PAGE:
P. S. there is a great deal of provision here on hand. nothing is in demand but hoops and poultry. the Vessels now here with provision would be glad to leave but cannot get permission to depart at any terms.

[Memo.] Rec'd via N Y February 17. 1792.



Port au prince, December 26th, 1791.

I ARRIV'D here this day have horrid News to tell you. The greater part of this place was consum'd by fire on the 3d Inst. and it is now in the greatest confusion. Nothing sells except Poultry and Lumber, all communication between

the town and Country stop'd and no expectation of a Reconciliation between them very soon. from 20 to 30 Sail of americans in this port and no demand for any produce except such as I have mention'd. a Captain from Portland tells me he hant sold but 4 hhds. of fish for three weeks past. Three captains who have flour tell me they all have not sold but 37 barrels in 14 days.

Over 2000 Mulatoes encamp'd within 9 miles of this place. Last night 150 Troops were landed from on board a frigate lately from france.

The policy I made use of was to go on shore in my Boat otherways I could have not come away as there is now an Embargo. I shall sail immediately for St. Marc. Intend trying to sell some of my Cargo and from thence call at Jeremie (a port to leward) from thence go to Aux Cayes. Assuring you of my attention and the greatest towards your Interest I am, Sir, Your Obedient Servant,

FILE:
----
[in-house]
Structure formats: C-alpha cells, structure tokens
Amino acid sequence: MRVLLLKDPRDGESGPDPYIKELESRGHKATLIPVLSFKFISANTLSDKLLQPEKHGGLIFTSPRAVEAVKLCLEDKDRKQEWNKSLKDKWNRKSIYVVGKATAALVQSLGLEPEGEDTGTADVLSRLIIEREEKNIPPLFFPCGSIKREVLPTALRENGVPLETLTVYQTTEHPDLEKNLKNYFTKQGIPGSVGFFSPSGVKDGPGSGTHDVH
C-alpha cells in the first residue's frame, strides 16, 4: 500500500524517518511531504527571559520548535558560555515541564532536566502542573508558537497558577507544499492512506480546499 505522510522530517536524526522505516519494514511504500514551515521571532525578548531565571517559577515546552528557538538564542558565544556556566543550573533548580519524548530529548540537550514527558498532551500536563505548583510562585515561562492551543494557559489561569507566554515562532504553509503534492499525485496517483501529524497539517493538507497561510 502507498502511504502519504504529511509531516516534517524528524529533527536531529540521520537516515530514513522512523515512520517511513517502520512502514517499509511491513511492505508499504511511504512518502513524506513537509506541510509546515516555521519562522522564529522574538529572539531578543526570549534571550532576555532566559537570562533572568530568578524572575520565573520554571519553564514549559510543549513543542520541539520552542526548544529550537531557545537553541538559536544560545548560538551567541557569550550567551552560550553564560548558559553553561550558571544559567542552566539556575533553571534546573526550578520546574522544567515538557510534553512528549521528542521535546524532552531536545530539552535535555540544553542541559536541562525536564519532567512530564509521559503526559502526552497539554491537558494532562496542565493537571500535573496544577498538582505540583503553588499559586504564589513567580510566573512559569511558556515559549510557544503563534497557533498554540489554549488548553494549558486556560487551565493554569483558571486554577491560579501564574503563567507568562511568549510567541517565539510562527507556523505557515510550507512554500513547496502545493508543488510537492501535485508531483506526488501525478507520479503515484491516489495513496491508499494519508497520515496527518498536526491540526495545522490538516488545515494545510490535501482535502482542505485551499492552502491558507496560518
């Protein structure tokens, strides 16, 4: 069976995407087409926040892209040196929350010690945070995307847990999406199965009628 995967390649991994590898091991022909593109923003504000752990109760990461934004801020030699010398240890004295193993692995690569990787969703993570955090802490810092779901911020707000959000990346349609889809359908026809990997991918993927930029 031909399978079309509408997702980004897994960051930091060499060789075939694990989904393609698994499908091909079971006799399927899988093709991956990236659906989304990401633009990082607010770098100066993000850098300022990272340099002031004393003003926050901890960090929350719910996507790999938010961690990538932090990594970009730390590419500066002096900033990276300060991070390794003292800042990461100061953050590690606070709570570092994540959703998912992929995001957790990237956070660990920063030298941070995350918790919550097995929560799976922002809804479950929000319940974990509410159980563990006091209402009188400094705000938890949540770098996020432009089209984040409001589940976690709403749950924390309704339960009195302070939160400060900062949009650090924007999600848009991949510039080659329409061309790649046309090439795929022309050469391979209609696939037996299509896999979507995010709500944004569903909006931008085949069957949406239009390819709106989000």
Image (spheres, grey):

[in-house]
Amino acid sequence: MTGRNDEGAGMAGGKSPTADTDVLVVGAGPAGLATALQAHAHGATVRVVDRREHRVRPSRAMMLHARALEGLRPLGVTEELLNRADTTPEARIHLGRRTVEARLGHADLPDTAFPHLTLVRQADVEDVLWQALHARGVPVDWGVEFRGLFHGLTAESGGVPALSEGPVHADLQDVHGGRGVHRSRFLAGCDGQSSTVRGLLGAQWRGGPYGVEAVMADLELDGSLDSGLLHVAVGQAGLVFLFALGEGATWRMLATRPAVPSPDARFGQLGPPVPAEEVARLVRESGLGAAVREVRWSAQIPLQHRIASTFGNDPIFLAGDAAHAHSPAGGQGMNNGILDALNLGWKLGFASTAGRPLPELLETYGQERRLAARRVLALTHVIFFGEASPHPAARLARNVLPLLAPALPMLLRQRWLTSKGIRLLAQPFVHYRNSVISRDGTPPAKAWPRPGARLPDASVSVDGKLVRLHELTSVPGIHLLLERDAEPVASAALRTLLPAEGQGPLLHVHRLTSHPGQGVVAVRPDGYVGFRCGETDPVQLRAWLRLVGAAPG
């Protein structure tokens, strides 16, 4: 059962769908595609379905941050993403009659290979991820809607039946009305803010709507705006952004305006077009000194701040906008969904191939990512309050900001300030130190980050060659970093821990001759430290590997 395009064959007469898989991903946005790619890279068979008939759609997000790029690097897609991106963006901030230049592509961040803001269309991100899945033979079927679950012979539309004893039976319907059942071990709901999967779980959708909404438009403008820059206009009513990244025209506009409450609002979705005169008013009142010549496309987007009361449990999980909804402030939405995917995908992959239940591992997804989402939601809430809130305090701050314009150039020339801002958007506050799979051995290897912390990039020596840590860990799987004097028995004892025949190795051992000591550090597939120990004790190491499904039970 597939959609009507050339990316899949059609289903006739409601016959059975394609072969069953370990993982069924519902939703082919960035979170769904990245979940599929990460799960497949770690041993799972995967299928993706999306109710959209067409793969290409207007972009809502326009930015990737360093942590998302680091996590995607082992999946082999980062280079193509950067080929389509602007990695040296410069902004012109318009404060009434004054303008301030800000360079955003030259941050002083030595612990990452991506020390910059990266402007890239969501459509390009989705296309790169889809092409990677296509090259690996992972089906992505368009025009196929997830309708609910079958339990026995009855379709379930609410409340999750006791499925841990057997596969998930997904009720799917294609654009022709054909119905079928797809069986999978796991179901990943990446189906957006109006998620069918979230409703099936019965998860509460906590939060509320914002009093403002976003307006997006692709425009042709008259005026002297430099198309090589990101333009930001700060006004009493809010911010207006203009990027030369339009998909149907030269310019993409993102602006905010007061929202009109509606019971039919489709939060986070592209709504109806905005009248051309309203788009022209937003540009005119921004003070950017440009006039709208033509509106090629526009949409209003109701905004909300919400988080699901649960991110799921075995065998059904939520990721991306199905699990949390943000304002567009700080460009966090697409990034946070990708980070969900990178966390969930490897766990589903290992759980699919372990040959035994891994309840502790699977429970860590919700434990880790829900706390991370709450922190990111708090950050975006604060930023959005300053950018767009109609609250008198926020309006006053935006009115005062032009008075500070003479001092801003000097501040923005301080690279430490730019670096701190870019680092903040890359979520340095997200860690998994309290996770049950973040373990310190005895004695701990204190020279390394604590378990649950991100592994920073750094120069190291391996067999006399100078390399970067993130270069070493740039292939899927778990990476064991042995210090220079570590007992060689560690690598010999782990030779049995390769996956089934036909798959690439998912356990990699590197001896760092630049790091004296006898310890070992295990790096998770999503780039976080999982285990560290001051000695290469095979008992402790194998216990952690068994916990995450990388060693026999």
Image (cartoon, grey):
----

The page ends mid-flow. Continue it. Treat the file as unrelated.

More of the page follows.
The Original I wrote by way of N. york. cannot assure you this is exactly word for word as I was in great haste to get on board my Vessel it being 10 miles below.

15 January.

A frigate arriv❜d this day from Port au prince with orders for all Strangers in this port to sail for Port au prince. We have sollicited the Captain to permit us to stay being in number four. he says we must comply with his orders. We carry our permissions along with us which were given by the authority of this place permitting us to trade therefore the censure will not be greater than if we had been at Port au prince our Entrys being legal. The Captain of the Frigate appears very polite on the occasion. I have therefore thought proper to leave some of my Goods in the hands of Mr. Louis de Tollenace for sale which are

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My reasons for the above are thus Port au prince is 14 leagues from St. Marc, so situated that we may pass safe in our Boats without the least Risk and I am afraid Goods are very dull at port au prince. I shall endeavour to force the sales of what I carry along with me, and take all my empty hogsheads which are made striving to make all the dispatch I possibly can. I am most truly Sir Your Obedient Servant B. B.

Molasses 17 to 18

Sugar at 70 to 73
Coffee at 18s per lb.

Cotton 180 li per Cwt.
Indigo at 10 li to 14 li per lb.